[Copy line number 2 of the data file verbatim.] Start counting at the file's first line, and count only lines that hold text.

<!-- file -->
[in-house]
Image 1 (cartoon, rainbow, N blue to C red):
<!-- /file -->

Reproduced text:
Image 1 (cartoon, rainbow, N blue to C red):